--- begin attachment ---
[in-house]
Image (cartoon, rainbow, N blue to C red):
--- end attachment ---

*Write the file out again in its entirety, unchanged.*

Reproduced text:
[in-house]
Image (cartoon, rainbow, N blue to C red):